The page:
No Christmas plans yet?
Don’t worry, I’ve been searching for some of the most underrated, quirky places to visit in the UK.
The most popular cities such as London, Manchester or Edinburgh are often chosen to visit first, but what about some of the more unusual places? I grew up in Northern England, in a county with more sheep than people, it was a great place to explore the less touristy hotspots.
I’ve been to some destinations that many tourists won’t have even heard of so I hope my guide will provide insight into some of the hidden delights of the UK.
Nestled in the northern part of the Lake District, this bustling market town is a hidden gem. The Lakes can be relatively expensive, but those in the know are aware that making this place your base and travelling around can greatly reduce your holiday costs.
The Lake District is situated in Cumbria, a mostly rural farming community which is surprisingly accessible from many parts of the UK. Penrith is home to some fascinating tourist sites including the excavated Roman road which ran from Manchester to Carlisle cutting through Penrith. If you are arriving by train you’ll immediately notice the castle, sadly in ruins but it’s definitely worth exploring this medieval site. Visiting the market is still possible, this currently takes place on Tuesday and Saturdays when you’ll be able to pick up mostly local produce.
In winter you’ll most likely encounter snow or frost at least, it turns the area into a picture perfect postcard. With panoramic views overlooking the mountains in the Lake District, is there anywhere better to spend the festive season?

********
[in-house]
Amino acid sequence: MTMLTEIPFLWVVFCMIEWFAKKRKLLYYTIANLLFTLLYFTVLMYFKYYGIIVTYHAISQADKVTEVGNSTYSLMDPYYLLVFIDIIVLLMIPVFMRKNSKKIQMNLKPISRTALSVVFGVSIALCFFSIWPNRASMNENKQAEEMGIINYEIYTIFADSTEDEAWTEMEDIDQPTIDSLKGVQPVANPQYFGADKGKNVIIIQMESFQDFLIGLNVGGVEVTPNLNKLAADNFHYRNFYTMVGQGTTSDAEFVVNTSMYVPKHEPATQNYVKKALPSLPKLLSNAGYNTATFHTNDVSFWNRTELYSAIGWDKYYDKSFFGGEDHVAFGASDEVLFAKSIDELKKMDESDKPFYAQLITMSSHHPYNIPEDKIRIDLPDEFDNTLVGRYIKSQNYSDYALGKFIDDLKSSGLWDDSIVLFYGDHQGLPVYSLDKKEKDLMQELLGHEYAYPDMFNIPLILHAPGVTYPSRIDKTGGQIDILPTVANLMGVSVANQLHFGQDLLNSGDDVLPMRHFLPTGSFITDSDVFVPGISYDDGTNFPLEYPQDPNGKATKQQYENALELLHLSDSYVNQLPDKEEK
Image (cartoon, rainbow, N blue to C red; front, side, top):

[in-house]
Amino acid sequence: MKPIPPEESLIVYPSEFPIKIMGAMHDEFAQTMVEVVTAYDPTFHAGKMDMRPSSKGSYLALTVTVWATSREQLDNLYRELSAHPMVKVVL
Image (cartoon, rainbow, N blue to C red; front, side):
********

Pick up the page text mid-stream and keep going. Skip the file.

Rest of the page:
You can catch a direct train to Penrith (North Lakes) from London, Manchester, Edinburgh and Glasgow to list only a few. If you are flying to the UK, your best option is to take a flight to Manchester and then take the direct train north.
Situated in Yorkshire, one of the most visited counties in England, which is no big surprise due to the sheer number of tourist sites available to visit. Whitby rarely gets mentioned outside of the county, this is such a shame as it’s a beautiful, quaint town next to the North Sea.
There’s several reasons why Whitby is famous, as a seaside town it’s no surprise that the main reason is it’s maritime history. As an important fishing port, much of the early history is surrounded by whaling and fishing fleets using the harbour to land their catch. One of it’s most famous residents however was Captain Cook who learned seamanship here.
Not content with having just one famous name, Whitby is also associated with the horror novel Dracula. Part of Bram Stoker’s novel was set in the town, so it’s no surprise that come Halloween or any other spooky time of year, Whitby comes alive with ghost hunters or gothic worshippers.
Whitby Abbey is a spectacular piece of English history, overlooking the North Sea, the abbey was first built as a Monastery but was sadly destroyed by Henry the 8th in 1540. These days it’s managed by English Heritage and is one of the best preserved pieces of British history with a horrific history.
If those weren’t enough to tempt you there’s also the North York Moors, an eery place in winter but with incredible views. It’s now officially one of the UK’s 16 National Parks